Today you can find software to meet your every need from a task list app to keep track of what groceries you need to pick up to a business management system that is going to keep track of what your customers are purchasing and how much they are spending.
Oh and there’s software that does even more amazing things like running the rockets (and the retired shuttle fleet) that put people up into space. Although this is probably going to be a little out of budget for average city dweller. Reuters once reported that the software designed for the space shuttle program cost $5000 dollars per line, yes PER LINE! Now think that that code base had around 500,000 lines initially.
$5000 × 500,000 = One expensive project ($2,500,000,000)
Anyway back to the topic…
The problem with having all of these amazing systems that aim to make our lives that little bit easier is that you have your data in a large number of different places. This will always be an issue because certain applications will obviously need to store different data about you. However what happens when you want to move between services? The hard truth is that often it is a pain staking process of manually recreating a data profile item by item. This may be okay if you only have a few things to transfer but when you’re transferring years of invoices to a new invoicing system it’s painful (trust me, it will drive you to insanity). Wouldn’t it be easier if you could just get all of your data out of the old system with a simple click and then drop it into the new system. Well yes it would be, but who is interested in spending vital development time (and money) on helping people to leave their product.
Many traditional businessmen might ask you to visit a shrink after proposing something as utterly ridiculous as making it easy for people to leave. However there is a lot of good that can come out of investing time in making sure that you provide a positive user experience right to the end, after all the easier it is to leave the more confident your users will be when putting their data in your hands.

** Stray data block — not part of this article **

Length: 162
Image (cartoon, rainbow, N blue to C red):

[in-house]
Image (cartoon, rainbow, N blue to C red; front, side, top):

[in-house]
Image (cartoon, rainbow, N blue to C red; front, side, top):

A pioneer of this open data movement is the Data Liberation Front, a team of Google engineers that strive to make it easier to move data in and out of Google products. Currently they have measures in place for 28 (that I know of) Google products and a website dedicated to providing information on how best to move your data. In true Google style once again this super-company’s engineers are right at the front of innovation. The data liberation front’s website outlines 3 main points that I think sum-up the data openness well:
- You should be able to get out all of your data
- It shouldn’t cost you any extra to get your data out
- It should be as easy as possible
By fulfilling all of these points you are well on your way to making sure that you are providing your users with the best possible experience. You might also find that they are more likely to use your products again in the future. I plan to build ‘data liberation’ tools into all of the software that I produce in the future, and might even revisit some old projects. My view is that it’s time wisely invested, what do you think?